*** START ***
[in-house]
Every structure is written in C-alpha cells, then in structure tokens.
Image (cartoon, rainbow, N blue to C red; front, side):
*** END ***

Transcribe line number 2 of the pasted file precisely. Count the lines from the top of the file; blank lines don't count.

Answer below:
Every structure is written in C-alpha cells, then in structure tokens.